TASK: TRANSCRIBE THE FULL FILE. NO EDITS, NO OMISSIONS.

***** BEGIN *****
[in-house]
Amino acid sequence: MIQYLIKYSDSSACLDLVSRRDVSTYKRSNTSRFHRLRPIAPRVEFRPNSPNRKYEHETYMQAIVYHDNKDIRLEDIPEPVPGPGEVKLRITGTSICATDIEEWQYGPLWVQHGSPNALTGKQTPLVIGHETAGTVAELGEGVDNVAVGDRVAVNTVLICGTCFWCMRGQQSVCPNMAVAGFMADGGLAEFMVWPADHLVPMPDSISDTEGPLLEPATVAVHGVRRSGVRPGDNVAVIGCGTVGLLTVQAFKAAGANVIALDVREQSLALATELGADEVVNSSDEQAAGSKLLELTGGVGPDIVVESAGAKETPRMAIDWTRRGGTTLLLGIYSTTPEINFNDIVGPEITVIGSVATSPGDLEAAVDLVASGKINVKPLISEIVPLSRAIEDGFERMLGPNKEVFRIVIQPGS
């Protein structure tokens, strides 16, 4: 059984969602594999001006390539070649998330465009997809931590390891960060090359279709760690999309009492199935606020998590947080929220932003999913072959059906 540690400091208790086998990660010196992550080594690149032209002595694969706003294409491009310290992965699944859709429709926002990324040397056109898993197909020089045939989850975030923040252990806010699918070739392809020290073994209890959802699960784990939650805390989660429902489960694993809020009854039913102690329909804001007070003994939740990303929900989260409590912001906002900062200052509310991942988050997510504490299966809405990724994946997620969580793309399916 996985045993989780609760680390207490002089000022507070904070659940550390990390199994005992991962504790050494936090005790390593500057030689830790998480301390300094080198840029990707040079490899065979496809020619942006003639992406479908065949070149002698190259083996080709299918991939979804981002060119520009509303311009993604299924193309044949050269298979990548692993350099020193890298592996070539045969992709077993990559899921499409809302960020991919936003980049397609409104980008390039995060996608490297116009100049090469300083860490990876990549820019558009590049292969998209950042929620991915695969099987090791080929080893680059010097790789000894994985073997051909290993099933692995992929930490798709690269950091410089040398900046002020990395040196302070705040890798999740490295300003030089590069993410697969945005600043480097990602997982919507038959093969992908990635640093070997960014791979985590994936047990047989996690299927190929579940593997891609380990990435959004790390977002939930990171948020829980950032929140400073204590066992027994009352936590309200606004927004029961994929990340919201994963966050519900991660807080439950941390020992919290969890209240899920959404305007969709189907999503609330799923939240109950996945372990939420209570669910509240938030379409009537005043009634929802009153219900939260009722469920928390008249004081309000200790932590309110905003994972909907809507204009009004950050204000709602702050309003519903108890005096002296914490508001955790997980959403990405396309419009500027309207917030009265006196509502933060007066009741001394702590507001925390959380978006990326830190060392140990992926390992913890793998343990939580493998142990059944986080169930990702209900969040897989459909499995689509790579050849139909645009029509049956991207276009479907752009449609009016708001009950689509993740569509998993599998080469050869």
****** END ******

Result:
[in-house]
Amino acid sequence: MIQYLIKYSDSSACLDLVSRRDVSTYKRSNTSRFHRLRPIAPRVEFRPNSPNRKYEHETYMQAIVYHDNKDIRLEDIPEPVPGPGEVKLRITGTSICATDIEEWQYGPLWVQHGSPNALTGKQTPLVIGHETAGTVAELGEGVDNVAVGDRVAVNTVLICGTCFWCMRGQQSVCPNMAVAGFMADGGLAEFMVWPADHLVPMPDSISDTEGPLLEPATVAVHGVRRSGVRPGDNVAVIGCGTVGLLTVQAFKAAGANVIALDVREQSLALATELGADEVVNSSDEQAAGSKLLELTGGVGPDIVVESAGAKETPRMAIDWTRRGGTTLLLGIYSTTPEINFNDIVGPEITVIGSVATSPGDLEAAVDLVASGKINVKPLISEIVPLSRAIEDGFERMLGPNKEVFRIVIQPGS
């Protein structure tokens, strides 16, 4: 059984969602594999001006390539070649998330465009997809931590390891960060090359279709760690999309009492199935606020998590947080929220932003999913072959059906 540690400091208790086998990660010196992550080594690149032209002595694969706003294409491009310290992965699944859709429709926002990324040397056109898993197909020089045939989850975030923040252990806010699918070739392809020290073994209890959802699960784990939650805390989660429902489960694993809020009854039913102690329909804001007070003994939740990303929900989260409590912001906002900062200052509310991942988050997510504490299966809405990724994946997620969580793309399916 996985045993989780609760680390207490002089000022507070904070659940550390990390199994005992991962504790050494936090005790390593500057030689830790998480301390300094080198840029990707040079490899065979496809020619942006003639992406479908065949070149002698190259083996080709299918991939979804981002060119520009509303311009993604299924193309044949050269298979990548692993350099020193890298592996070539045969992709077993990559899921499409809302960020991919936003980049397609409104980008390039995060996608490297116009100049090469300083860490990876990549820019558009590049292969998209950042929620991915695969099987090791080929080893680059010097790789000894994985073997051909290993099933692995992929930490798709690269950091410089040398900046002020990395040196302070705040890798999740490295300003030089590069993410697969945005600043480097990602997982919507038959093969992908990635640093070997960014791979985590994936047990047989996690299927190929579940593997891609380990990435959004790390977002939930990171948020829980950032929140400073204590066992027994009352936590309200606004927004029961994929990340919201994963966050519900991660807080439950941390020992919290969890209240899920959404305007969709189907999503609330799923939240109950996945372990939420209570669910509240938030379409009537005043009634929802009153219900939260009722469920928390008249004081309000200790932590309110905003994972909907809507204009009004950050204000709602702050309003519903108890005096002296914490508001955790997980959403990405396309419009500027309207917030009265006196509502933060007066009741001394702590507001925390959380978006990326830190060392140990992926390992913890793998343990939580493998142990059944986080169930990702209900969040897989459909499995689509790579050849139909645009029509049956991207276009479907752009449609009016708001009950689509993740569509998993599998080469050869």